I understand the concerns as to whether this proposed change in legislation might have an impact on freedom of expression. This has been thought about very carefully. It was thoroughly debated as the Bill passed through the other place and it was agreed that no additional safeguard was necessary for freedom of expression. The Government are of the view that words or behaviour which are threatening or intended to stir up hatred can never be justified by the need for freedom of speech and that is why we think we have the balance right.
The recommendations of the Joint Committee on Human Rights have frequently been quoted in debates on the Bill in your Lordships' House, so on this occasion I will quote back to noble Lords what that committee has said about this. It welcomes the new offence as a measure that enhances human rights. It also welcomes the fact that the offences are narrowly defined,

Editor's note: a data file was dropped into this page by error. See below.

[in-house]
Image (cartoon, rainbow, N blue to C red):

"so as to apply only to threatening words or behaviour intended to incite hatred".
Surely that is the relevant point. The committee took the view that this provides an appropriate degree of protection for freedom of speech. The Equality and Human Rights Commission also supports the new provisions, saying that they strike the right balance,
"between the need to protect freedom of expression and the need to protect especially minority groups from hatred ... We consider that the narrow wording of the offence and the high threshold test strike the right balance between those two desires".